You can go to the USPS website to have all of your questions answered as well as see a picture of the Liberty Bell Forever Stamp. While there, you can also purchase them and have them mailed to you.

I was around when mailing a letter cost 4 cents yet I truly believe that even at 42 cents, it's a bargain. I do wonder, instead of these frequent inconvenient 1 cent hikes, why not raise it to 45 cents, invest the overage (perhaps not the stock market right now) and cover future increases with the yields, thus no more customer increases for a couple years at least...


always buy a "Forever" stamp which says the word Forever on there. There is a big bell. These stamps really work especially for someone like me who can't remember the postage rates because they change so often & I hardly use stamps. Forever stamps are a great idea!


Add me to those who were sold the 41 cent "Flag " stamps when I asked for forever stamps at the post office. I think the post office has not trained its workers adequately and may have supply problems from time to time. I understand that forever stamps are still being sold for 42 cents but a recent attempt to buy some at my local post office produced only confusion and no stamps.


I hate battling over one penny but just did. I, too, bought a roll of the flag stamps under the impression they would be "forever." Now I'm buying penny stamps plus apologizing to businesses who paid the penny on their end just to receive my check. What a deal!


I fell for the bogus "forever stamp" too. Just got a supposedly "forever" stamped envelope back w/ postage due. This is the biggest scam the USPS has ever perpetrated.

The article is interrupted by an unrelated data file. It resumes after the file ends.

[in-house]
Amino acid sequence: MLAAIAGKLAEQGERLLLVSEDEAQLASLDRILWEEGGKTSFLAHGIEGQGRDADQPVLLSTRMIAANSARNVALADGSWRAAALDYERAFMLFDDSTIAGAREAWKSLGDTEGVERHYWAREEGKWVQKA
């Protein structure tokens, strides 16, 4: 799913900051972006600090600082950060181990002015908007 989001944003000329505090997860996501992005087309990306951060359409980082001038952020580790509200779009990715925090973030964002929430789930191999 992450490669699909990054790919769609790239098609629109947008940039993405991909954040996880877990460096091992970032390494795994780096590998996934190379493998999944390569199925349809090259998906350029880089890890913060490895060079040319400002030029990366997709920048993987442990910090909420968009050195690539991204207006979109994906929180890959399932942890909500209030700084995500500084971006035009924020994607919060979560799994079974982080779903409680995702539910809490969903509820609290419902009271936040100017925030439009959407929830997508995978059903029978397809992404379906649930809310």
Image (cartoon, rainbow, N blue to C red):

Forever stamps are first of a new "gotcha" series of stamps.


I also bought a roll of "flag" stamps and was told these would not require the 1c or 2c stamps if the rate changed. Today, I found out differently when I received a letter back /c 1c due. There is no price on these stamps. Anyway, it just gives me another reason for paying bills on line.


I bought a roll of 41 cent Flag stamps recently and was assured by the postal clerk that they would be good for first class postage regardless of rate changes. I guess too many postal clerks are like their IRS buddies as reliable informants.



the only disadvantage i can think of with respect to forever stamps is that the value of the stamp itself is not printed on the stamp. in other words, you have to know how much it is worth.

for first-class letters, this isn't too big of a deal, but if you are adding a bunch of stamps to a package, it might be a little annoying adding up stamps with values printed on them, and forever stamps.

needless to say, the advantages far outweigh this disadvantage. i cannot think of a reason not to get forever stamps in lieu of regular stamps.



i haven't heard anything about them ceasing the forever stamp program, its just that the cost of a forever stamps increase from time to time. the first forever stamp was on sale for 41 cents, and those stamps will continue to be sufficient for first-class mailing forever.

recently, the rate increased to 42 cents, so any forever stamps you buy will cost that much, but they will work even after the next increase.



forever stamps are just first class stamps, so the envelope weight IS relevant. according to the us postal service, the standard first class letter rate is for envelopes up to 1 ounce.

you can mail first class letters up to 3.5 oz. but the rates for such letters is more than the standard rate, so you will need more postage than just a forever stamp.


A forever stamp has the Liberty Bell on it and on the side is printed 1st class postage. Personally, I always buy forever stamps. I hate those 1 cent increases that would force me another trip to town!


Who would ever buy a non-forever stamp, if a forever stamp is available at the same price? Wouldn't it be like buying a carton of milk expiring tomorrow rather than a carton good for two more weeks?